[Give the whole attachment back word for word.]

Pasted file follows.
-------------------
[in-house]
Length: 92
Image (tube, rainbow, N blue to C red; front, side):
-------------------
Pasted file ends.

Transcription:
[in-house]
Length: 92
Image (tube, rainbow, N blue to C red; front, side):